Equifax will pay between $330 million to $425 million to a restitution fund for victims in a settlement with the Federal Trade Commission (FTC) over a 2017 breach that exposed the personal information of 148 million people.

The company came under fire for its poor security practices that had it missing an Apache Struts vulnerability responsible for the breach – not once, but twice. In testimony before the House Energy and Commerce Committee Subcommittee on Digital Commerce and Consumer Protection in the wake of the breach, former Equifax CEO and Chairman Richard Smith said the company learned of the Apache Struts vulnerability from U.S. CERT and then twice searched for any issues in its networks coming up empty each time and thus allowing the flaw to remain unpatched in its Consumer Dispute Portal.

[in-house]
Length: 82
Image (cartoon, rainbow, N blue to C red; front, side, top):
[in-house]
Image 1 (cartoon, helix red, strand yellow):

Responding to the FTC settlement, New York Attorney General Letitia James minced no words when assessing Equifax. "This company’s ineptitude, negligence, and lax security standards endangered the identities of half the U.S. population," she said in a statement.

Please register to continue.

Already registered? Log in.

Once you register, you'll receive:

  • News analysis

    The context and insight you need to stay abreast of the most important developments in cybersecurity. CISO and practitioner perspectives; strategy and tactics; solutions and innovation; policy and regulation.

  • Archives

    Unlimited access to nearly 20 years of SC Media industry analysis and news-you-can-use.

  • Daily Newswire

    SC Media’s essential morning briefing for cybersecurity professionals.

  • Learning Express

    One-click access to our extensive program of virtual events, with convenient calendar reminders and ability to earn CISSP credits.